This olfactory movie then unfolds into woody, muskier scenes and sequences that true-blue gilt-edged Arabian blends are loved for. Oud plays the grand finale in this gorgeous oriental fragrant symphony.
Third generation torchbearer of the House of Ajmal, Abdulla Ajmal passionately unveils oud’s secret seduction in his world-renowned collections. “Natural oud oil enhances and perfects a formulation according to a perfumer’s artistic conviction. While it is in itself a magnificent perfume, oud can even be layered with your favourite ‘go to frag’ “, he smiles.
In Ajmal’s high-end luxury Arabic perfume oils like Mukhallat Raashid and Qiblatul Wafa, he says, “oud offers astounding nuances of animalicity, woodiness, leatheriness, and even contributes to the floralness by enhancing the rose and saffron…. ah Masha Allah!”
Resurrecting Biblical aromatic solace in the surreal Omani haven of Dhofar is the affable Jefri Jamil of J’s Frankincense and Myrrh. A recognised master of both magical resins, two of the three gifts to the new-born Jesus by the three wise men, he perfumes the palaces of Sultans and Sheikhs with the legendary ‘Lubaan Ad-Dakar’, Arabic for traditional Omani frankincense with its warm, citrus, aromatic ‘Howjari’ varieties.
What’s more fascinating is that Jamil is one of the most renowned sources of authentic Yemeni and Omani Myrrh. Woody, earthy, rich and resinous, a few pieces on charcoal create a luxuriously spiritual vibe, as does his rarer than a once in a century supermoon, Myrrh Essential Oil, even one tola (around 12 ml) of which, the Khaleeji who’s who would die to own.
Coorg, southern India’s fairy-tale wonderland is aptly deemed ‘Scotland of the East’. Here, the 100-plus years old House of Ramapuram is a haven for coffee aficionados from the world over. A leisurely stroll through their sprawling coffee plantations is pure meditation as you watch the rhythmic plucking of the tiny reddish beans on their way to the processing unit where there are dried and pulped. At the end of the refreshing tour, one can clink goblets to rejuvenating homemade coffee liqueur personally prepared by the chairman’s wife herself.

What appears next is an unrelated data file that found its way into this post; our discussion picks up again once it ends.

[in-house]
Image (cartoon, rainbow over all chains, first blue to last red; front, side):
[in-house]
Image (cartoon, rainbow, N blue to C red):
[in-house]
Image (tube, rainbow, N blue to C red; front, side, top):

En fin, a fascinating coffee tasting session enlivens the evening at the plush Evolve Back Coffee Museum. An expert-guided degustation of diverse preparations is a journey from Tuscany’s Tyrrhenian shores to the rugged Moroccan Sahara to the temple towns of southern India, leaving mixed international audiences spellbound.
The first serving is of course espresso, Italian for ‘pressed coffee’. Bitter, heady, smoky; molto Italiano! Next, the international favourite cappuccino. Deriving its name from the light brown colour of the Franciscan ‘Capuchin’ Friars’ robes, cappuccino is espresso with cold milk boiled and frothed with fancy designs on the surface.
Moroccan coffee from the mint tea land is a rare treat – ‘café noir’ (black coffee), a masculine drink and ‘nous nous’ (‘half-half’ in Arabic), literally half espresso and half milk. A break from the hardcore is the soothing Vietnamese iced coffee prepared with a percolator. The natural sweetness from the condensed milk is just the right summer solace.
French press is for the no nonsense black coffee junkies with 35% Robusta and 65% Arabica and finally, the grand old, homely South Indian filter coffee. With a considerable chicory content, filter coffee is served in a special container that holds the tiny tumbler (mug) to cool it quicker and to add more froth when acrobatically poured from a height – wow!